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New York Amends Lactation Law to Require Paid Breaks

08 May

Update Applicable to:Effective date
All employers with at least 1 worker in New York StateJune 19, 2024

What happened?

On April 20, 2024, New York Labor Law § 206-c was amended on the New York State 2025 Budget, to now include paid break time to express breast milk.        

What are the details?

Starting June 19, 2024 (“…This act shall take effect on the sixtieth day after it shall have become a law.”), New York Labor Law § 206-c will be amended. The changes reflect the following:

  • Employers must provide paid break time (no more reasonable unpaid break time)
  • The break period is for 30 minutes
  • The break period is additional to existing paid break time or mealtime “…for time in excess of thirty minutes…”
  • Employees may take such paid break time for up to three years following childbirth.

According to Jackson Lewis law firm: “Although there is no word yet on whether this amendment will affect the contents of the required notices under the state’s Nursing Mothers in the Workplace Act, employers should be mindful of this requirement when implementing any policies and practices after the law’s effective date.”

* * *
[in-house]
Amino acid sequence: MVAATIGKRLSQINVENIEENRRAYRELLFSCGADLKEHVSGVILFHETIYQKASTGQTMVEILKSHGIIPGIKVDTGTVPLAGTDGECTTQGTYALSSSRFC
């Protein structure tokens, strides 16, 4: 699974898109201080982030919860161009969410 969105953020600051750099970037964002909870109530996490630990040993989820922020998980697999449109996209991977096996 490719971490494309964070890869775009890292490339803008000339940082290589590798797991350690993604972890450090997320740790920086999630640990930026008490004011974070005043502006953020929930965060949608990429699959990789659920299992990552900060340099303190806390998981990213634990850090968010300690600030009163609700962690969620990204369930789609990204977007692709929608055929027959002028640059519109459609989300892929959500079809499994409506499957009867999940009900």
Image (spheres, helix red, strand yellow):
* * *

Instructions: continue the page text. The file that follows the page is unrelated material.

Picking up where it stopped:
Business Considerations

  • Employers should review and update their lactation policies and wage & hour practices to comply with the amended law.
  • Employers will need to also comply with existing law that requires employers to provide a private location for employees to express milk (see N.Y. Lab. Law § 206-c (2)(a)(b), (d))

Source References


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This communication is intended solely for the purpose of conveying information. The present post might incorporate hyperlinks directing readers to websites managed by third-party entities. The inclusion of any links within this communication is meant to serve as points of reference and could encompass opinion articles from various law firms, articles from HR associations, official websites, news releases, and documents of government agencies, and other relevant third-party sources. Vensure has no authority over these external websites and bears no responsibility for their content. Furthermore, Vensure does not endorse the materials present on these websites. The contents of this communication should not be interpreted as legal advice or as a legal standpoint concerning specific facts or scenarios. Nor should it be deemed an exhaustive compilation of facts potentially pertinent to federal, state, or local laws. It is strongly advised that employers solicit legal guidance from an employment attorney when undertaking actions in response to any legal updates provided. This is due to the possibility of future alterations occurring in federal, state, and local laws, regulations, as well as the directives and guidelines issued by governing agencies. These changes may transpire at any given time, potentially rendering certain portions of the content within this update void or inaccurate.

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